Reptiles and Amphibians
The eastern foxsnake is extremely similar to the western foxsnake and is mainly identified by its different geographic distribution: in Missouri, this rare species is found only in a few counties along the Mississippi River floodplain north from St. Louis.
The western foxsnake is a moderately large snake with distinct brown blotches. In Missouri, it is rare and found only in our far northwestern counties.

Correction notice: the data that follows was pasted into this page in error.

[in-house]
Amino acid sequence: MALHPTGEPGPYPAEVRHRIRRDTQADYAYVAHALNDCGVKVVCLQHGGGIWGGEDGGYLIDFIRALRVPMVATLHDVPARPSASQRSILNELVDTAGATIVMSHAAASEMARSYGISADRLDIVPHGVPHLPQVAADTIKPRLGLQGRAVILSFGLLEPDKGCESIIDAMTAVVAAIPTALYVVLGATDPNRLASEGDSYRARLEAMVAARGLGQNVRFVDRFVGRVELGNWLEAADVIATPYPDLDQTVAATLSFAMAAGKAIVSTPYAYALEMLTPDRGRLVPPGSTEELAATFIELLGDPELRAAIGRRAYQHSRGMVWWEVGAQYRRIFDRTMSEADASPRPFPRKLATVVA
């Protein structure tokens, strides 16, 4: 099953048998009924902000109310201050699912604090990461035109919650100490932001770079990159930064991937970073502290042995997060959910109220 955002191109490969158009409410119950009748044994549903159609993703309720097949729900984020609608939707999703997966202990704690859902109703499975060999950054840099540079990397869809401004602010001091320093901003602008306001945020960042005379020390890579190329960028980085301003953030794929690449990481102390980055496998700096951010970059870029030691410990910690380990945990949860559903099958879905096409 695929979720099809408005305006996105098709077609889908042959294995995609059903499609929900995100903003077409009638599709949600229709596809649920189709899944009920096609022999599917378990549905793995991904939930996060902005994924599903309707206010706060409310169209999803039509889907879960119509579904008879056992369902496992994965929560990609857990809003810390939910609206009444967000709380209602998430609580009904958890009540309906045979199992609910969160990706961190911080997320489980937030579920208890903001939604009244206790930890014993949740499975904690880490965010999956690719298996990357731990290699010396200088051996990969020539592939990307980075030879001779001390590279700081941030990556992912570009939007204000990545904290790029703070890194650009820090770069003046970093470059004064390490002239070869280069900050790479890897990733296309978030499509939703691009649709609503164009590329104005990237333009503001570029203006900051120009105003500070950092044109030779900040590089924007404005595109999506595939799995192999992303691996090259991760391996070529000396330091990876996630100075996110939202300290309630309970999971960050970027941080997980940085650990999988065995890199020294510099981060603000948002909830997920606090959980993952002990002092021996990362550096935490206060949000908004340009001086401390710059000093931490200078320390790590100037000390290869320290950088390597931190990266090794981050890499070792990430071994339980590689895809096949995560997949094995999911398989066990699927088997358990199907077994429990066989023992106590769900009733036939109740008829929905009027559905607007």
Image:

About Reptiles and Amphibians in Missouri
Missouri’s herptiles comprise 43 amphibians and 75 reptiles. Amphibians, including salamanders, toads, and frogs, are vertebrate animals that spend at least part of their life cycle in water. They usually have moist skin, lack scales or claws, and are ectothermal (cold-blooded), so they do not produce their own body heat the way birds and mammals do. Reptiles, including turtles, lizards, and snakes, are also vertebrates, and most are ectothermal, but unlike amphibians, reptiles have dry skin with scales, the ones with legs have claws, and they do not have to live part of their lives in water.